"We're expecting big things from Tyler Jay," said Radcliff. "He's transitioning to a starter, which will be different for him, and there probably will be some speed bumps along the way, which, really, is a good thing. When you have to use your full mix and not just throw power as he did as a closer in college, it might take him some time to settle in and figure some things out."
The Twins No. 4 prospect (No. 60 overall) was sharp in his spring debut Wednesday in a Minor League game against the Orioles, striking out five hitters over four innings in his (unofficial) first pro start. He pounded the zone with his 92-95 mph fastball in the outing, showing advanced command of the pitch to his glove side, and exhibiting good feel for his curveball and changeup. His mid-80s slider, regarded by scouts as his best pitch, was inconsistent overall, though he still kept it below the knees.
That the Twins decided to add Melotakis, the club's No. 20 prospect, to the 40-man roster last November speaks to his perceived upside, as the left-hander missed all of 2015 while working his way back from Tommy John surgery. When healthy, the 2012 second-rounder boasts a heater that reaches 97 mph and a swing-and-miss curveball in the low- to mid-80s -- two pitches that could get him to the big leagues relatively quickly in spite of his missed developmental time. While his durability remains the primary concern, the organization is encouraged by his showing this spring.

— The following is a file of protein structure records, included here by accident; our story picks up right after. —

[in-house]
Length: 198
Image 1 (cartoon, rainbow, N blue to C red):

"Melotakis hadn't pitched in a game in nearly 16 or 17 months, so were pleased to see him pitch well in big league camp. He's got his velocity back as well as his breaking ball, but we need to get him through the season healthy," Radcliff said.
A second-round pick in 2013 out of LSU, Ryan Eades struggled in his 2014 full-season debut at Class A Cedar Rapids (5.14 ERA in 133 innings) but turned the corner last season in the Florida State League, finishing with a 3.11 ERA in 118 2/3 frames. The right-hander has continued to make strides this spring in Minor League camp, where his uptick in velocity and improved pitchability has caught the eye of club officials.
"Eades looked very sharp in his first outing the other day. His fastball was up to 97 mph and he was mixing four pitches in a two-inning stint," Radcliff said. "It's the hardest we've seen him throw, and it'll be interesting to see if he can sustain that velocity."
Daniel Palka, whom the Twins acquired from Arizona in a trade last fall, also impressed Radcliff this spring. The team's new No. 29 prospect enters the organization after an impressive 2015 campaign at Class A Advanced Visalia in which he posted an .885 OPS with 29 home runs and 24 stolen bases in the face of a position change.
"We feel like we got a Major League prospect in [Palka]. He came to our spring facility several weeks early in order to integrate himself into the system," Radcliff said. "He's got some advanced hittability and obviously quite a bit of power, and we like that he made a successful transition back to the outfield last season."
Mike Rosenbaum is a reporter for MLB.com. Follow him on Twitter at @GoldenSombrero. This story was not subject to the approval of Major League Baseball or its clubs.